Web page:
Washington: Human stem cells taken from both embryos and fetuses delayed a fatal brain and nerve disease in mice, moving throughout the brain to take on the jobs of damaged neurons, scientists have reported.
They said their study, published in the journal Nature Medicine, could lead to ways to treat a range of neurodegenerative diseases such as Parkinson’s, Alzheimer’s and amyotrophic lateral sclerosis, also known as ALS or Lou Gehrig’s disease.
For their study, Dr Evan Snyder of the Burnham Institute for Medical Research in La Jolla, California and colleagues used mice bred with the equivalent of Sandhoff disease.
“Children with the disease have severe mental retardation and motor dysfunction, and death typically occurs in infancy,” the researchers, who included a team at Oxford University in Britain, Yonsei University in Seoul, Korea and elsewhere, wrote in their report.
It is marked by inflammation that kills brain cells, and it is impossible to treat in part because of the blood-brain barrier, a molecular gateway that keeps many drugs out of the brain.
“The Sandhoff disease mouse typically becomes symptomatic by 90 days of age and dies between 114 and 130 days, depending on strain and/or cage conditions,” the researchers wrote. Human children with Sandhoff rarely live past age 6.
Snyder’s team made up a mixture of human embryonic stem cells, taken from days-old human embryos left over at fertility clinics, and human fetal stem cells.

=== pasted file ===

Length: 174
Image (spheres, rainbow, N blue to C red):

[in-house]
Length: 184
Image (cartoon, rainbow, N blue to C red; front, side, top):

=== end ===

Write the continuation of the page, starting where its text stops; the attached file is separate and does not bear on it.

They transplanted these into the brains of the mice and noted no problems. No tumors formed, the mice did not “reject” the foreign cells, and the treatment seemed to reduce inflammation.
The transplanted human cells replaced damaged nerve cells and carried nerve signals. They also boosted the brain’s supply of the enzyme Hex, which is lacking in Sandhoff disease.
The treated mice lived 70% longer than untreated mice. The disease eventually came back, but the researchers hope to test the theory that they could keep it at bay by giving booster injections of the stem cells to take over the functions of the mutated natural brain cells.
Sandhoff disease belongs to a class of genetic diseases called lysosomal storage diseases. They affect one in 5,000 patients, mostly children.
Sandhoff is caused by a mutation in the gene for an enzyme called hexosaminidase or hex, which brain cells need to get rid of excess fatty material called lipids.
When the lipids build up, brain cells die. It is similar to Tay Sachs disease, and there is no treatment for either Tay-Sachs or Sandhoff.